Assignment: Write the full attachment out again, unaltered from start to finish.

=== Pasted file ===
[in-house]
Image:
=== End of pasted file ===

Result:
[in-house]
Image: